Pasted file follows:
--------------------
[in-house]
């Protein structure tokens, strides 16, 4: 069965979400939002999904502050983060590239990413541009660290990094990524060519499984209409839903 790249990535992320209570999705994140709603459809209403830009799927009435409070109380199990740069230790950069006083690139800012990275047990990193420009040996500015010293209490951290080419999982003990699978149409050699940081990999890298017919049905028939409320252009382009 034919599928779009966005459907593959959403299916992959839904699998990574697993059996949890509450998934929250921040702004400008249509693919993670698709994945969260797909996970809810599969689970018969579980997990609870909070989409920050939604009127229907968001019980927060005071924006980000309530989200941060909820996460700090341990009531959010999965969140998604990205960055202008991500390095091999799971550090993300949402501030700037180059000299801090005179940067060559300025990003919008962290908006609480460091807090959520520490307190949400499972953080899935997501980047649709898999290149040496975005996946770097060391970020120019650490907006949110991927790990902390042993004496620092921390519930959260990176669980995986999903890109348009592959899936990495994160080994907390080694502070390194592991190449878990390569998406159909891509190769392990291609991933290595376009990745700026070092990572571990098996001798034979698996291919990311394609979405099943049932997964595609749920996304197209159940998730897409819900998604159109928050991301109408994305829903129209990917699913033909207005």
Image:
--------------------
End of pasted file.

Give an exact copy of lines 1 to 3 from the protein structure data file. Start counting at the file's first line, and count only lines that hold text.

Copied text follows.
[in-house]
């Protein structure tokens, strides 16, 4: 069965979400939002999904502050983060590239990413541009660290990094990524060519499984209409839903 790249990535992320209570999705994140709603459809209403830009799927009435409070109380199990740069230790950069006083690139800012990275047990990193420009040996500015010293209490951290080419999982003990699978149409050699940081990999890298017919049905028939409320252009382009 034919599928779009966005459907593959959403299916992959839904699998990574697993059996949890509450998934929250921040702004400008249509693919993670698709994945969260797909996970809810599969689970018969579980997990609870909070989409920050939604009127229907968001019980927060005071924006980000309530989200941060909820996460700090341990009531959010999965969140998604990205960055202008991500390095091999799971550090993300949402501030700037180059000299801090005179940067060559300025990003919008962290908006609480460091807090959520520490307190949400499972953080899935997501980047649709898999290149040496975005996946770097060391970020120019650490907006949110991927790990902390042993004496620092921390519930959260990176669980995986999903890109348009592959899936990495994160080994907390080694502070390194592991190449878990390569998406159909891509190769392990291609991933290595376009990745700026070092990572571990098996001798034979698996291919990311394609979405099943049932997964595609749920996304197209159940998730897409819900998604159109928050991301109408994305829903129209990917699913033909207005």
Image: